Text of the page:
Technology: Background

Industry Composition:

The technology industry is comprised of companies that design, manufacture, or distribute electronic devices such as computers, computer-related equipment, computer services and software, scientific instruments, and electronic components and products. Technology enables consumers and businesses to thrive in a digital world.

The composition of this industry is very different than that of most others; due to the brisk pace of innovation there is an unusually extensive investment in research and development required. As a result, the industry’s workforce consists of a much larger proportion of engineers and other highly-skilled technical workers, relative to other industries, especially since product creation requires creativity, expertise, and precision. The technology industry also employs a relatively large workgroup engaged in sales and promotion, as the success of a new or improved product depends heavily upon consumers being aware of, and interested in, the item. While most of the sales for this industry occur in developed countries, most of the production of computer hardware takes place in emerging countries where manufacturing and assembly costs are lower.


The technology industry is relatively young; its origins can be traced to the 1904 invention of the two-element electron tube. Developments such as the transistor followed, as well as integrated circuits in the 1950s, and analog devices in 1960. Many of these inventions were a result of military research. The 1970s brought the invention of the integrated circuit board and the microprocessors that soon followed, made home and personal computers a possibility in subsequent years. However, until the internet was available to common consumers, computers were not very popular. In the 1990s, when the internet was available to all, there was an explosion in the use of personal computers. That explosion made household names out of entrepreneurs such as Bill Gates and Steve Jobs. The early part of 2000 saw a drastically reduced demand for computers, but in 2003 and 2004 the market experienced a turnaround as consumers sought multi-tasking computers that could handle a myriad of photo, video, and audio applications. Since then the technology has spread to mobile phones and tablets that offer all the services of a normal stationary computer. Cloud computing has revolutionized data storage and as a result devices are continually getting smaller and more advanced.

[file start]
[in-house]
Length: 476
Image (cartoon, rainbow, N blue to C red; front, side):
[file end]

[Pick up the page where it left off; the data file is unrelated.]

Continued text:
Contrary to what one might expect, most companies in this industry are small. This is because, although the product may be complicated, only a small investment is needed to fund the manufacture of many types of electronic components, especially in the software segment of this industry. However, these small companies are often bought by big revenue earners once they develop a hit product. Among computer hardware producers, the top names are Hitachi and Hewlett-Packard. Dell has been known for its direct-sale marketing strategy, yet in the rough times for PC’s of late has seen a considerable decline. The smaller companies that are not bought up must focus on differentiating their products and developing the brand name to compete with the diverse portfolios of the big companies.

As for software companies, Microsoft Corp., IBM, Google and Oracle Corp. rule the roost. These companies should not sit too easily though since recently consumer electronics products have been merging with products from the computer industry, for example phones now have Internet capability, as do game consoles, PDAs, and many other items. This convergence means that companies can expect increased competition from industries who were not previously direct competitors. Companies, such as Apple, have grown to be giants in their own right by offering both hardware and software. This business model has led other companies that have traditionally focused exclusively on software to also enter the hardware production industry.